If someone can solve a Rubik’s Cube, you might safely assume they are both nimble-fingered and good at puzzles. That may not be true for a cube-conquering robot.
OpenAI, a research company in San Francisco whose founders include Elon Musk and Sam Altman, made a splash Tuesday by revealing a robotic system that learned how to solve a Rubik’s cube using its humanoid hand.
In a press release, OpenAI claimed that its robot, called Dactyl, is “close to human-level dexterity.” And videos of the machine effortlessly turning and spinning the cube certainly seem to suggest as much. The clips were heralded by some on social media as evidence that a revolution in robot manipulation has at long last arrived.
In fact, it may be some time before robots are capable of the kind of manipulation that we humans take for granted.
But there are serious caveats with the Dactyl demo. For one thing, the robot dropped the cube eight out of 10 times in testing—hardly evidence of superhuman, or even human, deftness. For another, it required the equivalent of 10,000 years of simulated training to learn how to manipulate the cube.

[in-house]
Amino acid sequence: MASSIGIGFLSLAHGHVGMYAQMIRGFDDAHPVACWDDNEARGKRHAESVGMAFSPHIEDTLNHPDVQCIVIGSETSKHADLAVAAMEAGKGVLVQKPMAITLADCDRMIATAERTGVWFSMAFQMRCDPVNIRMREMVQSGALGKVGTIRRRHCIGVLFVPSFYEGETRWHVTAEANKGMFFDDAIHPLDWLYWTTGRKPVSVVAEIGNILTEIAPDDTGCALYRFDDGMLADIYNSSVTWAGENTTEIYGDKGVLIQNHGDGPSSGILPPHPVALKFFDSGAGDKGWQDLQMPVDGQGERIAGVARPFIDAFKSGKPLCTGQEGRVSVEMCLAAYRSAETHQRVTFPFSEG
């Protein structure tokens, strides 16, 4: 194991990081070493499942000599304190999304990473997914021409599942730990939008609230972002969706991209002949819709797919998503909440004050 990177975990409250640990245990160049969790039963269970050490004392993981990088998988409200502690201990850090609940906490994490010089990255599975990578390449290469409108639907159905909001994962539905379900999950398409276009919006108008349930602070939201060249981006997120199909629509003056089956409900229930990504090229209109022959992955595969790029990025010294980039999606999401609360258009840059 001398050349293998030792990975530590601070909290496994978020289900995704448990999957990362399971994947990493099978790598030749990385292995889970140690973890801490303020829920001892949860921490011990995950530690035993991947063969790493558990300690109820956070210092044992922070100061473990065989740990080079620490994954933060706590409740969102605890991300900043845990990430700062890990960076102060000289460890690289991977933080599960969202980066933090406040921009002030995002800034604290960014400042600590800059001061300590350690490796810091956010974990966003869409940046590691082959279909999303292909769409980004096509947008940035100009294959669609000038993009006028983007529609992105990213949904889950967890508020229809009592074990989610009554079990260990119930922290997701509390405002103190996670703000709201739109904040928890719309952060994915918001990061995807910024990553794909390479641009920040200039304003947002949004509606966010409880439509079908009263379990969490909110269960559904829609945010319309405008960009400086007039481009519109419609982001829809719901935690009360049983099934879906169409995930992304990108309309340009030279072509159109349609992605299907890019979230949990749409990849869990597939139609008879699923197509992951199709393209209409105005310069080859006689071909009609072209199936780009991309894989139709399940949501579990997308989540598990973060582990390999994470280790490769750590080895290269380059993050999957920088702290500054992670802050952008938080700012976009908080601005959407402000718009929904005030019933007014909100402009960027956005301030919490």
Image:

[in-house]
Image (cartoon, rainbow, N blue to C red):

“I wouldn’t say it’s total hype—it’s not,” says Ken Goldberg, a roboticist at UC Berkeley who also uses reinforcement learning, a technique in which artificial intelligence programs “learn” from repeated experimentation. “But people are going to look at that video and think ‘My god, next it’s going to be shuffling cards and other things,’ which it isn’t.”
Showy demos are now a standard part of the AI business. Companies and universities know that putting on an impressive demo—one that captures the public imagination—can produce more headlines than just an academic paper and a press release. This is especially important for companies competing fiercely for research talent, customers, and funding.
Others are more critical of the demo and the hoopla around it. “Do you know any 6-year-old that drops a Rubik’s cube 80 percent of the time?” says Gary Marcus, a cognitive scientist who is critical of AI hype. “You would take them to a neurologist.”
More important, Dactyl’s dexterity is highly specific and constrained. It can adapt to small disturbances (cutely demonstrated in the video by nudging the robot hand with a toy giraffe). But without extensive additional training, the system can’t pick up a cube from a table, manipulate it with a different grip, or grasp and handle another object.
“From the robotics perspective, it’s extraordinary that they were able to get it to work,” says Leslie Pack Kaelbling, a professor at MIT who has previously worked on reinforcement learning. But Kaelbling cautions that the approach likely won’t create general-purpose robots, because it requires so much training. Still, she adds, “there’s a kernel of something good here.”
Dactyl’s real innovation, which isn’t evident from the videos, involves how it transfers learning from simulation to the real world.